As we enter the fifty days of Easter, we will be learning, proclaiming, and singing that "Christ is living!" Augsburg Fortress has recently published a supplement to our ELW hymnal. All Creation Sings is a new resource complimenting and expanding upon our hymnal, giving congregations even more ways to musically theologize about the care of creation, the human family, about both grief and hope. As we rise up into our redeemed and resurrected life in Jesus, a hymn from this new resource will accompany us in this Easter season. Christ Is Living, ACS # 934 sings boldly and defiantly: Christ is living, gone with sorrow! Tears and terror, be no more! / Death and grave, you now are nothing; Christ is free of every power. / Why then seek the living Savior in the haunts of death and fear? / Christ is risen! Shout the good news so that all the world may hear.
This hymn comes to us from Argentina, and the original Spanish text is from the pen of Nicolás Martínez (1917-1972), a native of Buenos Aires who experienced his conversion to Christianity at the age of 18, later trained for the ministry, and served as a Disciples of Christ pastor in Argentina and Paraguay. He was active in ecumenical work, and served on an editing committee for a new hymnal. During a this work he composed this text and gave it to a young musician. Pablo Sosa (1933-2020) was a musician who grew up and was educated in Argentina, and also studied in the U.S, and Germany. Sosa recalls the origins of the hymn: “I was at that time searching for ‘my own voice’ as a Latin American Christian composer, a process which temporarily inhibited my creativity. Writing that tune meant an important step forward in that process, especially since it was warmly welcomed by the committee… Nicolás Martínez had approached me with an enticing smile and a small handwritten sheet of paper in his hand, showing a poem, evidently the fruit of a night’s work...Such was the invitation to write a tune for ‘Cristo vive.’”
In later years, Sosa himself pastored a large Methodist congregation in Buenos Aires, while composing songs, leading choirs, and teaching at a seminary. But during his country's “dirty war,” (the name used by the military dictatorship for the period of U.S.-backed state terrorism in Argentina,) two young women from his church disappeared, possibly for working among the poor. As Catholic and Protestant churches hesitated whether to speak out, remain silent, or support the government, many people lost faith. Economic meltdown after the war plunged many middle-class Argentinians into poverty. Sosa’s growing social awareness widened his vision for “lifting up hope with a song.” He described worship as “the fiesta of the faithful,” where all are welcome and all music is seen as “part of the ‘song of the earth,’ which answers the psalmist’s call ‘Sing joyfully to God, all the earth!”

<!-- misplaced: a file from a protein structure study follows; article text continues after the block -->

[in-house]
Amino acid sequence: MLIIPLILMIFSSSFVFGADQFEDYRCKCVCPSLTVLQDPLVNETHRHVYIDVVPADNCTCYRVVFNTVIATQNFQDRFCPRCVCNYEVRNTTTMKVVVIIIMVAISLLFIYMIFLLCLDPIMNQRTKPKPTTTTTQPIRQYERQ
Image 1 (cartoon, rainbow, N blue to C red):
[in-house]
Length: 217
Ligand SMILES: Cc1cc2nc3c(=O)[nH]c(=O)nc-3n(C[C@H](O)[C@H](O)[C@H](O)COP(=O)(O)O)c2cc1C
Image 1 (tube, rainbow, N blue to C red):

According to many, Pablo Sosa did more than perhaps any other person to foster the composition of Spanish-language hymnody, and his creative output of songs like "Christ Is Living," remind us of the biblical connection between justice and worship.
For if Christ is raised, and we are raised with him, we are to live out that risen life not some vague time after our own death, but starting today - to live that life of the new heavens and the new earth, where righteousness is at home... living this eternal life both "then," and "now," the risen life of joy and justice, and to bring hope and mercy to all around us, fruitful produce of Christ the Root, Seed, and Vine: Death is swallowed up in victory; sin has lost its poison sting. / Life will blossom from the grain sown, Christ the first fruits of the spring. / For the sureness of salvation let us sing, "Thanks be to God!" / Christ is risen! We are living! Spread the word of grace abroad.
Amen. Alleluia! -- Bjorn Gustafson